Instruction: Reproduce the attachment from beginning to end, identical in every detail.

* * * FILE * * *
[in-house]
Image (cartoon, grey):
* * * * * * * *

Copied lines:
[in-house]
Image (cartoon, grey):